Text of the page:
Fletcher Allen, a Vermont university hospital and medical center, serves all of
Vermont and the northern New York region. Located in Burlington, Fletcher Allen is a regional, academic healthcare center and teaching hospital in alliance with the University of Vermont.
Barrett's esophagus is a condition in which the tissue cells at the lower end of the esophagus are abnormal. The esophagus is the thin tube that connects the back of the throat to the stomach. In patients with this condition, cells normally found in the intestines replace the cells normally found in the esophagus (a process called intestinal metaplasia).
Barrett's Esophagus: What You Need to Know
You can lower your risk of developing Barrett's esophagus by eating plenty of fruits and vegetables and making sure you get all of your daily vitamins.
Barrett's esophagus is best managed by a group of specialists that includes gastroenterologists, pathologists and radiologists. Our physicians and other support staff work together as a team, providing expert care.
Our team uses advanced technology to diagnose and treat Barrett's esophagus. We offer upper endoscopy for diagnostic testing and endoscopic radiofrequency ablation treatment, a minimally invasive procedure that reduces your side effects. Learn more about diagnosis and treatment for Barrett's esophagus.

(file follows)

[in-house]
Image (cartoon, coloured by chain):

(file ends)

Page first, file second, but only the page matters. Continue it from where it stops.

Experienced, Trusted Expertise
Fletcher Allen's Gastroenterology and Hepatology Outpatient Clinic is managed by six board certified subspecialists, including two with certification in endoscopic ultrasound. We perform more than 9,000 various diagnostic and therapeutic endoscopic procedures every year.
What is Barrett's Esophagus?
Barrett's esophagus usually occurs more often in people with GERD (gastroesophageal reflux disease), which happens when the contents of the stomach backflow into the esophagus (called regurgitation). Since most patients with Barrett's esophagus have acid reflux disease, they suffer from heartburn and/or acid regurgitation.
Barrett's esophagus is considered a precancerous condition. People with the condition are at an increased risk, although their overall risk remains low, of developing esophageal cancer (called adenocarcinoma).
The exact reason tissue changes occur in Barrett's esophagus is unknown, but several factors can increase your risk of developing it, including:
- Chronic heartburn and acid reflux: Having GERD symptoms for 10 years or more
- Gender: The condition is more common in men than women
- Race: Caucasians are more likely to have Barrett's esophagus
- Age: The condition can happen at any age, but the average age at diagnosis is 55
- Smoking: Fletcher Allen offers a quit smoking program
- Obesity: Excessive belly fat is dangerous
Diagnosis and Treatment: Barrett's Esophagus
The treatment that is right for you will depend upon factors such as your biopsy results, overall health, personal preferences and physician recommendations. If your biopsy shows many changes pointing to esophageal cancer, your doctor may use an innovative procedure such as endoscopic radiofrequency ablation.
Find a Fletcher Allen physician or call 802-847-8865.